so evident a vocation, or did ours, at least, exercise a greater influence.
So unjust is the accusation that contemporary science is split up into details, that we have to go back to Newton's time to find an example of an enlargement of our theoretical conceptions, like that which was effected by the enunciation of the doctrines of the persistence of energy and motion, and of the mechanical theory of heat. As, at the former time, the fall of bodies, the motion of the stars, the refraction of light, capillarity, the ebb and flow of the tides, were recognized to be expressions of the same properties of matter, so now, through the labors of our generation of investigators, the same principle has been made to include the totality of the phenomena accessible to experiment, methodical observation, and calculation; mechanics, acoustics, optics, the Proteus electricity, heat, and the elastic phenomena of the gases and steam. This principle is not merely, like universal gravity, an experimental proposition; it conforms to the ultimate fundamental condition of our intellect. Hence its value as an aid to invention; therefore it extends far beyond the limit of its strict verification. It permits us to weigh the ether and measure the atoms. The circulation of the waters over the earth, kept up by the force of the sun's light, falls under it as well as the circulation, similarly maintained, of matter through plants and animals. Forward and backward along the "corridors of time," as the Royal Astronomer of Ireland recently expressed himself in a sharp metaphor, it leads the way, and answers that very practical question for the thinker about the beginning and end of the world, with a reservation of the limits of error, as if we were dealing with measurements in the laboratory. The same wizard's-formula lends itself to practical instruction in the ordinary sense, and shows the machinist how he may reach a desired result in the shape of mechanical force, the electrical current, or light, with the smallest quantity of coal. Inorganic and organic chemistry, separated from the beginning, now find an all-ruling principle in the quantivalence of atoms.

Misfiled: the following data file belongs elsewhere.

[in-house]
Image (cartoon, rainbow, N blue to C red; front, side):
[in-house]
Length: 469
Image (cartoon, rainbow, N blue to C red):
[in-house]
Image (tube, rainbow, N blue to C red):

As mechanics and physics discovered their guiding star in the persistence of energy, and chemistry in the theory of equivalents, so is the sphere of life composed by the theory of descent into a picture which brings within a single frame the immense abundance of forms of the present with the invisible traces of the most remote past. The ban of the Cuvierian theory, to which Johann Müller opposed himself, is broken. Instead of the lifeless system of the older schools, that Darwinian tree, in whose evergreen crown man himself is only a branch, waves before us. As zoölogical gardens and stations are to 1 collections of animals, stuffed or preserved in alcohol, as botanical gardens to herbariums, so is the new knowledge of plants and animals, biology, to the older science. A development-history, as it were, of the transition of individual types from one into another, it leads back